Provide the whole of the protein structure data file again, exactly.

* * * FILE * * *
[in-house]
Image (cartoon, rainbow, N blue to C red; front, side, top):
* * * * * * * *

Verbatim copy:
[in-house]
Image (cartoon, rainbow, N blue to C red; front, side, top):